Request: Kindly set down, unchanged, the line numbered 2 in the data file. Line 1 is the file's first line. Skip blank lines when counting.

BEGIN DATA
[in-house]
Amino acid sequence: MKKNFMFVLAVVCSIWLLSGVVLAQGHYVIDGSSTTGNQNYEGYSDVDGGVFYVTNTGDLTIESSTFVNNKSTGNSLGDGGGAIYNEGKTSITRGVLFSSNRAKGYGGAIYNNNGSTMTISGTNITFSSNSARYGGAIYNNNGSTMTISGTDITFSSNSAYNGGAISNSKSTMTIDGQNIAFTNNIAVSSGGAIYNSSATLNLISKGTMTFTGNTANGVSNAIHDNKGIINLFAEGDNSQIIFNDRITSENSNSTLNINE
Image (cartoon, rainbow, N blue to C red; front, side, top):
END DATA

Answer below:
Amino acid sequence: MKKNFMFVLAVVCSIWLLSGVVLAQGHYVIDGSSTTGNQNYEGYSDVDGGVFYVTNTGDLTIESSTFVNNKSTGNSLGDGGGAIYNEGKTSITRGVLFSSNRAKGYGGAIYNNNGSTMTISGTNITFSSNSARYGGAIYNNNGSTMTISGTDITFSSNSAYNGGAISNSKSTMTIDGQNIAFTNNIAVSSGGAIYNSSATLNLISKGTMTFTGNTANGVSNAIHDNKGIINLFAEGDNSQIIFNDRITSENSNSTLNINE